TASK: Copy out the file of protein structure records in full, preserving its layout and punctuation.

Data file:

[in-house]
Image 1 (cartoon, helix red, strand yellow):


[in-house]
Image 1 (cartoon, helix red, strand yellow):